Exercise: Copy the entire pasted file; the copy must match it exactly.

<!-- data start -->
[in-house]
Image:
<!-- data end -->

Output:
[in-house]
Image: